Fredy Montero - Fantastic Hair
Absolutely magnificent hair – yes, fashion and style are imperative to being an eloquent footballer and Fredy Montero has the look. Now the question begging to be answered is can he replicate the look on the ‘turf’ of BC Place as he has done periodically throughout his career. Another point of mention is the uniqueness of Montero – I mean how many people named Fredy spell their name with one D – superfluous but grandiose.
Vancouver Whitecaps supporters are excited and rightfully so. Montero is an excellent footballer. His strengths are aesthetically pleasing on the eye and have the possibility to get supporters on their feet. He’s got an absolute laser of a right foot and can let fly from 30 yards out, at times with pinpoint accuracy. Montero is incredibly nimble and has exquisite control in tight spaces with the capability to carve out scoring opportunities in the 18-yard box when all seems impossible. His vision is impeccable and decision making good as he is not the ‘selfish’ striker that is only tunneled towards the opposition goal – he brings others into play.
Montero is 29 and will be 30 in July. Statistically speaking, a footballer is in their prime between the ages of 27-29 - optimal age being 27.5. Yes, the MLS is a technically a weaker league than certain leagues in Europe however, there are variables which add to fatigue and injury risk such as playing on ‘turf’ and coast to coast travel. The risk of injury increases with age as it does with the aforementioned challenges. I only lay out these concerns because I feel Caps supporters should be subdued in their expectation that Montero alone will turn the team into play-off contenders. Montero isn’t going to be the striker he was with the Seattle Sounders when his goal-scoring exploits were exemplary – he scored 60 goals in 160 games. He followed that up with 27 goals in 94 games with Sporting Club of Portugal. During this time his age bracket was 23 – 29.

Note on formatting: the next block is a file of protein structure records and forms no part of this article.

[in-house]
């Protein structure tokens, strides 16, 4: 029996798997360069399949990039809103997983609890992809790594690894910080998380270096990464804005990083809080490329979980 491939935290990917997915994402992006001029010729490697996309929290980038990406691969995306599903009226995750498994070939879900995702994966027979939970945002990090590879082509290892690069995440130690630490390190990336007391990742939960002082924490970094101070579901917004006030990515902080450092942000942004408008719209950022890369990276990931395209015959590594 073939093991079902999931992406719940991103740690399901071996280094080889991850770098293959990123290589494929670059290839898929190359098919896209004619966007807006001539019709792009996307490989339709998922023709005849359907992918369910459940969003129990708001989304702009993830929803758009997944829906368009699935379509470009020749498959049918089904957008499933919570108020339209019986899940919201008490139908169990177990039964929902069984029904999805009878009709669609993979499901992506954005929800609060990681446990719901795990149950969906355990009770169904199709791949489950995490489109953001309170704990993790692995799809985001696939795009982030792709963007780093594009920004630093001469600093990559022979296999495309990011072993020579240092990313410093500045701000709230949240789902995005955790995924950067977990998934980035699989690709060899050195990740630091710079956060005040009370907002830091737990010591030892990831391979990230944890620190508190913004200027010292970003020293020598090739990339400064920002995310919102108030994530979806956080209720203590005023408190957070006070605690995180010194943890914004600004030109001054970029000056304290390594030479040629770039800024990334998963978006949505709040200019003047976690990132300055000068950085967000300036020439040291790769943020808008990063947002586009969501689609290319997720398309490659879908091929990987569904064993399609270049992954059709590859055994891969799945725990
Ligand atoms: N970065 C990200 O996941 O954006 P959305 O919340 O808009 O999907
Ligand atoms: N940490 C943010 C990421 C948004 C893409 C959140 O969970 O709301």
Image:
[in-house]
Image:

My inclination is that Montero will move deeper into more of a traditional number 10 role, the fanatsista, enhancing the opportunity to strike from range and make deeper runs into the box to get on the end of crosses. This tactic will mitigate the risk of injury which is increased through playing the number 9 role and taking a battering from opposition defenders. If this is the case, there is still a glaring hole in the number 9 role. Someone that can run off Montero, hold the ball up with strength and find space in the penalty box.
Fredy Montero is a great signing for the Vancouver Whitecaps but unfortunately he’s not the game changer that is going elevate the team to perennial contenders. Montero is definitely a step in the right direction but hopes of a collaborative assault on the Western Conference should remain subdued until more quality depth is added.